The night they came over, we spent in an underground meat locker in a slaughterhouse. We were lucky, for it was the best shelter in town. Giants stalked the earth above us. First came the soft murmur of their dancing on the outskirts, then the grumbling of their plodding towards us, and finally the ear-splitting crashes of their heels upon us – and thence to the outskirts again. Back and forth they swept: saturation bombing.

“I screamed and I wept and I clawed the walls of our shelter,” an old lady told me. “I prayed to God to ‘please, please, please, dear God, stop them’. But he didn’t hear me. No power could stop them. On they came, wave after wave. There was no way we could surrender; no way to tell them we couldn’t stand it any more. There was nothing anyone could do but sit and wait for morning.” Her daughter and grandson were killed.

Our little prison was burnt to the ground. We were to be evacuated to an outlying camp occupied by South African prisoners. Our guards were a melancholy lot, aged Volkssturmers and disabled veterans. Most of them were Dresden residents and had friends and families somewhere in the holocaust. A corporal, who had lost an eye after two years on the Russian front, ascertained before we marched that his wife, his two children and both of his parents had been killed. He had one cigarette. He shared it with me.

Dresden after the allied bombing

Our march to new quarters took us to the city’s edge. It was impossible to believe that anyone had survived in its heart. Ordinarily, the day would have been cold, but occasional gusts from the colossal inferno made us sweat. And ordinarily, the day would have been clear and bright, but an opaque and towering cloud turned noon to twilight.

A grim procession clogged the outbound highways; people with blackened faces streaked with tears, some bearing wounded, some bearing dead. They gathered in the fields. No one spoke. A few with Red Cross armbands did what they could for the casualties.

Settled with the South Africans, we enjoyed a week without work. At the end of it, communications were reestablished with higher headquarters and we were ordered to hike seven miles to the area hardest hit.

Nothing in the district had escaped the fury. A city of jagged building shells, of splintered statuary and shattered trees; every vehicle stopped, gnarled and burnt, left to rust or rot in the path of the frenzied might. The only sounds other than our own were those of falling plaster and their echoes.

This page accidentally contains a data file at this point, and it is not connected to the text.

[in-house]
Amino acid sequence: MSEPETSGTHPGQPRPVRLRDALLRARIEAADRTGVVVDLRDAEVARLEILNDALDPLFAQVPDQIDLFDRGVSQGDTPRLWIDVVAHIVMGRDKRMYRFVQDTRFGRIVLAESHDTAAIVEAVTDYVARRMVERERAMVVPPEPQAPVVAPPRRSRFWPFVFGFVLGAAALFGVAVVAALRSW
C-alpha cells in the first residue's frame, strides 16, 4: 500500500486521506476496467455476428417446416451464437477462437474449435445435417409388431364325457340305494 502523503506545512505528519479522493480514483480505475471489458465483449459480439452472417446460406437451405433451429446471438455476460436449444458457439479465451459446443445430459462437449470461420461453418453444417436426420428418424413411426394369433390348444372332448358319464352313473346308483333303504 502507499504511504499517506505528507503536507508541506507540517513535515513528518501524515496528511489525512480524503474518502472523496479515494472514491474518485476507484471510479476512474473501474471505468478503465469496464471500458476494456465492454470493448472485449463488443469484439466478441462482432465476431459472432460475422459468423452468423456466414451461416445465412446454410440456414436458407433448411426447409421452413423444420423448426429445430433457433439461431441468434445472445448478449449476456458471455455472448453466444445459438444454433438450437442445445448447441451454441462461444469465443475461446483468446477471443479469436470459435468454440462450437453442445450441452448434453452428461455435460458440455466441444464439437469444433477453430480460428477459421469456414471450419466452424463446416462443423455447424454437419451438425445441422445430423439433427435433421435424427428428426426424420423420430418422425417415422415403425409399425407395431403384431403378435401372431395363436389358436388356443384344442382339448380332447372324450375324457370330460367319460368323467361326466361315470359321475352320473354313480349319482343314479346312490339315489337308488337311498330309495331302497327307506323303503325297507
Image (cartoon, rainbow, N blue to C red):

I cannot describe the desolation properly, but I can give an idea of how it made us feel, in the words of a delirious British soldier in a makeshift POW hospital: “It’s frightenin’, I tell you. I would walk down one of them bloody streets and feel a thousand eyes on the back of me ’ead. I would ’ear ’em whis-perin’ behind me. I would turn around to look at ’em and there wouldn’t be a bloomin’ soul in sight. You can feel ’em and you can ’ear ’em but there’s never anybody there.” We knew what he said was so.

For “salvage” work, we were divided into small crews, each under a guard. Our ghoulish mission was to search for bodies. It was rich hunting that day and the many thereafter. We started on a small scale – here a leg, there an arm, and an occasional baby – but struck a mother lode before noon.

We cut our way through a basement wall to discover a reeking hash of over 100 human beings. Flame must have swept through before the building’s collapse sealed the exits, because the flesh of those within resembled the texture of prunes. Our job, it was explained, was to wade into the shambles and bring forth the remains. Encouraged by cuffing and guttural abuse, wade in we did. We did exactly that, for the floor was covered with an unsavoury broth from burst water mains and viscera.

A number of victims, not killed outright, had attempted to escape through a narrow emergency exit. At any rate, there were several bodies packed tightly into the passageway. Their leader had made it halfway up the steps before he was buried up to his neck in falling brick and plaster. He was about 15, I think.

It is with some regret that I here besmirch the nobility of our airmen, but, boys, you killed an appalling lot of women and children. The shelter I have described and innumerable others like it were filled with them. We had to exhume their bodies and carry them to mass funeral pyres in the parks, so I know.

The funeral pyre technique was abandoned when it became apparent how great was the toll. There was not enough labour to do it nicely, so a man with a flamethrower was sent down instead, and he cremated them where they lay. Burnt alive, suffocated, crushed – men, women, and children indiscriminately killed.

For all the sublimity of the cause for which we fought, we surely created a Belsen of our own. The method was impersonal, but the result was equally cruel and heartless. That, I am afraid, is a sickening truth.